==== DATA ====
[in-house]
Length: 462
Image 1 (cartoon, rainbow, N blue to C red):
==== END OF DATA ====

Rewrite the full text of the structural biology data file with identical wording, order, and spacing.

[in-house]
Length: 462
Image 1 (cartoon, rainbow, N blue to C red):